The Serfs’ 2020 debut, Sounds of Serfdom, seemed tailor-made to the tastes of the goth YouTube algorithm, where success scales with how '80s to-the-letter your band sounds—see the frictionless coldwave of Molchat Doma. The Cincinnati trio’s early releases scanned as little more than lo-fi imitations of their influences, nervy, bare-bones cartridges of minimal wave that played like Oppenheimer Analysis B-sides with less variation. But on their third album Half Eaten by Dogs, the Serfs up the ante, imbuing their once-pallid synth-punk with color and velocity.
Opener “Order Imposing Sentence” hurtles forward like a car on the brink of falling apart, stringing together clanking percussion, a spirited guitar riff, and shouted, Gun Club-style vocals. “Suspension Bridge Collapse” and “Cheap Chrome” have a similar liveliness. Like Sextile and Mandy, Indiana, the Serfs charge gritty post-punk with glitter of dance music, adding more gleam while retaining their own rough, spirited voice. “Club Deuce” is the serpentine gem at the album’s center: Bright, lucid synths pingpong across cavernous claps as keyboardist Andie Luman whispers cryptic nothings. The effect is intoxicating. While McCartney's vocals for The Serfs sometimes lend a soporific effect to the songs, distorted and flat, Luman’s ghostly presence elevates the intrigue.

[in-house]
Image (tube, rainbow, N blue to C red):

Half Eaten by Dogs is noticeably frontloaded, slowing down in the back half. While these songs are mostly satisfying, they can start to feel like a drag. The dreamy glissade of “The Dice Man Will Become” lasts so long that it starts to feel immaterial; the closer “Mocking Laughter” peters into static, a disappointing ending to an album that’s so dynamic. But there’s still a strong spirit to the Serf’s songwriting, and they have stoked a remarkable fire beneath their sound, pushing themselves in a zippy and promising new direction.
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